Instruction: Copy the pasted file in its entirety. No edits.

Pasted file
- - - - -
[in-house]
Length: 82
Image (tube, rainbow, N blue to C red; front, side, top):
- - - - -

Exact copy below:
[in-house]
Length: 82
Image (tube, rainbow, N blue to C red; front, side, top):